Cisco’s Borderless Networks initiative comes at a time when network technology is more important than ever before in driving growth and ROI for businesses. Connecting anyone, at any time, anywhere in the world, and improving your ability to effectively deliver critical applications and services, requires a paradigm shift away from a “plumbing” view of the network. The network doesn’t just pump data from one place to another. In a time increasingly defined by video communication, wireless connectivity and cloud computing, having a strong network provides real strategic business value everyday. The same is true for the fundamental core of the network (i.e. routing and switching) as it is for newer extensions that the core supports, such as virtualization and video conferencing.
Industry standards and open systems deliver a wealth of advantages to all network operators — global enterprises, government agencies small and medium-sized businesses, service providers, and even homeowners. Holding technology vendors to a high standard (Pardon the pun.) with respect to developing, implementing, certifying, and delivering open and standardized solutions is a key success factor for network operators looking to maximize the flexibility and cost-effectiveness of their networks.
When examining the role of technology vendors within the standards process, it is important to understand that many levels of commitment and participation are possible. After all, most vendors will state they are firmly committed to industry standards and open systems. As proof of this commitment, every vendor will point to their respective product specifications for the always-present list of supported standards. While these lists provide a good starting point in determining how committed vendors are to delivering standardized solutions, they are just that, a start. In essence, these compliance specifications serve as the initial (and lowest) setting for the “open standards” bar. The true standards bearers are prepared and have proven to jump over a much higher bar.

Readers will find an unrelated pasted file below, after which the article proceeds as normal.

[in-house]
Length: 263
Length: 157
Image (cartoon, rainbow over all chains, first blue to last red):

So how does one judge the level of commitment of a vendor to industry standards and open systems?
A few weeks ago Cisco launched the ISR G2 and introduced the concept of “Borderless Networks.” Borderless Networks summarizes an architecture, or better yet – an implementation of the network that allows you to work the way you want anytime, anywhere, using any device, to connect to any resource. A Borderless Branch, for instance, would allow remote offices and workers to connect to the network without having to think about it, knowing all their transactions are secure and expecting a quality experience every time they connect.
In my never-ending quest to keep up with the latest technology news, I have been reading about the Cisco SmartGrid effort. SmartGrid is really – well – smart, because it attacks the problem of the world’s rapidly declining supply of fossil fuels from two different directions. It looks not only at the consumption of energy (that’s you and me, folks), but at the efficiencies that can be found in the production and transmission of energy as well.
Now, there is a hidden technical problem in the SmartGrid. Luckily, it is one that is easily solved. Have you spotted it?
I worry about the future. Newspapers carry stories about a tough economy, rough job market, and a future that is difficult. Things are changing and change creates worry.
Abner Germanow, a technology analyst at IDC, is worried about the future of the network. He writes about change in the network and the worries we need to address to build networks that are ready for the future. His ideas are captured in a free white paper called “Demonstrating the Value of a Foundation Network”.